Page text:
One of the greatest introduction to the scientific world
in recent times must surely be the introduction of
Dolly, a sheep in Britain. Dolly is no ordinary sheep.
It is an exact replicate, genetically of another adult
sheep. The successful cloning of Dolly has captured the
imagination of a worldwide community. Its implications
are simply mind-boggling.
Prior to Dolly's birth, scientists once thought that the
biological development of cells was irreversible. As an
organism grows, its cells divide. Then, the cells become
more specialized by switching on certain genes inside
their nuclei and shutting down others. People assumed
that the genes were shut down for good, but Dolly's
arrival appears to show that the process was
reversible. To make Dolly,
Ian Wilmut and his colleagues had to wind back the
development of an adult cell. The cell was biochemically
reprogrammed to begin life all over again.
Pioneering experiments had begun as early as in 1970,
when a team led by John Gurdon at the University of
Cambridge transplanted nuclei from the skin cells of
adult frogs into frog eggs lacking their own nuclei.
While some grew into tadpoles, none reached adulthood.
Wilmut says the key to his success lies in the unique
way his team manipulates the cells.
Now that an adult sheep has been cloned, there
appears no reason why we could not do the same with
humans. Scientists can select a cell from a human donor,
fuse it with an unfertilized egg and implant it into a
surrogate mother's womb. However, we are not there yet.
Working out the biochemistry and limits of this
`reprogramming of cells' will keep the researchers busy
for years. Nobody knows for sure whether clones could be
made with any human adult cell. "Brain and muscle cells
are probably so specialized that you can't reset their
clocks," says Wilmut.
The idea itself is truly amazing and it is not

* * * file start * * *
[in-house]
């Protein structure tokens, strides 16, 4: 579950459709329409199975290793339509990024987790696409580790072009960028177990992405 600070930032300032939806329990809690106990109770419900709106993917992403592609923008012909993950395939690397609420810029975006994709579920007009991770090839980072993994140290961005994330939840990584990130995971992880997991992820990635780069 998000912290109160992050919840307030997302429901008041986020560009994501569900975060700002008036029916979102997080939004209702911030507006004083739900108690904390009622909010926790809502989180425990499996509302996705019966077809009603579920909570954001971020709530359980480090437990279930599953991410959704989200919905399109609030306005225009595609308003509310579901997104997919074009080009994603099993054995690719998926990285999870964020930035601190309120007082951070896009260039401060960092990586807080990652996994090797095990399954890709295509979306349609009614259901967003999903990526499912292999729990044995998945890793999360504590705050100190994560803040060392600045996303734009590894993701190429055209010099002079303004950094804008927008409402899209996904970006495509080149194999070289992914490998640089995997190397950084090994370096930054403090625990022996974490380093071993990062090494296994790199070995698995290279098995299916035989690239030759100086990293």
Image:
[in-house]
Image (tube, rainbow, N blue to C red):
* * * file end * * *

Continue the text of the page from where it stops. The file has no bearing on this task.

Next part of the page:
impossible. However, some people feel a kind of horror
about producing clones. In Britain, there is already a
law against human cloning. In the States, the government
is reviewing the implications of the breakthrough.
President Clinton has said, "I believe we must respect
this profound gift (human life) and resist the
temptation to replicate ourselves." If human cloning is
possible, these are the ethical questions that need to
be considered. `Who would assume responsibility for her
welfare? Who would be her parents and how would she cope
psychologically and socially?'
On the other hand, there are also interesting
possibilities. "In many ways cloning could offer
enormous benefits," says one scientist. "You could clone
from an adult or a child who is sick to produce cells
that can be used to repair the individual's damaged
tissues." Potentially, scientists could even create
brain-dead copies of humans as sources of
perfectly-matched organs transplants. Even then there
are objections to this. If brain-dead clones were
nurtured and used as organ banks, "This would radically
change the nature of what it is like to be human."
The breakthrough that Dolly has achieved has been
described as 'one giant leap into the unknown'. "Most of
the things this technique will be used for have not yet
been imagined," says Wilmut. Nevertheless, with all the
heated debate that it has generated, it seems apparent
that mankind is not ready to face a real living human